Postal, telecom and banking services

The Department of Administrative Reforms and Public Grievances’ (CPGRAMS) portal is very useful to file complaints about  postal services, telecommunication, banking services, insurance services, school and education, road transport, natural gas, etc.

  • The postal department deals with issues such as delay, non-delivery, pensions, insurance (postal service), corruption charges, e-commerce related problems, AADHAR related issues, etc.
  • The telecom department deals with issues related to mobile, broadband, landline, pension, employee, malpractices and corruption. Complaints about telecom facilities can be filed at the telecom grievance portal.
  • The banking and insurance division deals with issues related to bank lockers, deficiency in customer service, education and housing loans, NBFCs, Pradhan Mantri schemes, fraud, mobile banking, misappropriation, harassment, loan settlement, etc. Complaints about banking facilities can be filed at the RBI complaints portal. Complaints can also be filed to the Banking Ombudsmen, who are senior officials appointed by the RBI to redress customer complaints against deficiency in certain banking services.

Water, sanitation and electricity

Some states such as Karnataka, Tamil Nadu and Andhra Pradesh have implemented electricity call services for making complaints about electricity service. For complaints related to water services, customers can lodge  grievances  at the  Ministry of Drinking Water and Sanitation grievance portal.

The issues listed above are only indications of the kinds of complaints that can be made, and it is not an exhaustive list.

What are Goods?

Goods include anything other than money, that is manufactured or produced for consumption by people(( Section 2(7), Sale of Goods Act, 1930)). As per the consumer protection law, goods refer to all movable property, including food.(( Section 2(21), Consumer Protection Act, 2019.)) Based on how a good is used, there are two types of goods:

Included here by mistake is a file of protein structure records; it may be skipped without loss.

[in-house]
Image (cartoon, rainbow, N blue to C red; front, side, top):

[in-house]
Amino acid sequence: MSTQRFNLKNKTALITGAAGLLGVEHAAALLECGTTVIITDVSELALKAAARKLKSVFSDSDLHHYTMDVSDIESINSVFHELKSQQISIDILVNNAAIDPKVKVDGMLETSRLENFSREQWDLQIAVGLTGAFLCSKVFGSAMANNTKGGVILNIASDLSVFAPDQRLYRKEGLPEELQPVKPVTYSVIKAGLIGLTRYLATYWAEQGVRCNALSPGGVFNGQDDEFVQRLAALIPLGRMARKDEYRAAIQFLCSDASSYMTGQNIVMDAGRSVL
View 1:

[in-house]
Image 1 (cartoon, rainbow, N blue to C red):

• Capital goods: Capital goods are used to produce other goods and services. For example, heavy machinery in a factory.
  • Consumer goods: Consumer goods are meant for direct consumption. In other words, consumer goods are not used for creating new goods.

Consumer protection laws apply to consumer goods and not capital goods(( Section 2(7)(i), Consumer Protection Act, 2019; Section 2(d)(i), Consumer Protection Act, 1986.)). An airplane may be a capital good when used by an airline company to provide the service of transportation, and it could be a consumer good when flown for personal pleasure. The Government controls the production and sale of capital goods in the public’s interest, for which it may even regulate or prohibit production of goods as needed. For example, petroleum production, sale and pricing(( Essential Commodities Act, 1955; Prevention of Black marketing And Maintenance of Supplies of Essential Commodities Act, 1980)).